China: The mirage of the ‘new economy’

As most hot businesses have gained market share with cheap financing and without profit, it is doubtful that the demand re-slicing is entirely due to a more efficient channel of distribution. Cheap financing, i.e., a liquidity bubble, may have been the main engine for the Internet boom.

The bubble may not inflict much damage on its own because the amount of financing is small relative to the overall size of investment in the global economy. The danger to China is that it offers false hope that it can revive the economy. The false hope becomes an excuse not to implement painful structural reforms. If one envisions a rising tide to lift the economy ahead, where is the incentive to reform?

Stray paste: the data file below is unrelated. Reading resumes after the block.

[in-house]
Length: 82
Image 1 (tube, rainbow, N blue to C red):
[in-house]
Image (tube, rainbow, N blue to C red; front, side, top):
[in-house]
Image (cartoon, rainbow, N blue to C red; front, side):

How a product is sold is insignificant compared to the product itself. Steve Jobs had the iPhone to sell. Whether the phones are sold online or through posh Apple stores is not important. A sustainable economy is based on businesses that make better products at lower costs over time. An economy full of colorful middlemen and no unique or high-value products cannot go far.

China’s only path forward is to increase efficiency on the supply side and shift the savings to the household sector as an increase in real purchasing power. This requires major reductions in government and state-owned enterprise spending, and boosting competition by eliminating government-approved market access. A necessary condition is for the high-yield debt bubble to burst.

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